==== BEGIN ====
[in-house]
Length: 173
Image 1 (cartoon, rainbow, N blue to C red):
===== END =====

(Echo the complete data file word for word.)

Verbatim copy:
[in-house]
Length: 173
Image 1 (cartoon, rainbow, N blue to C red):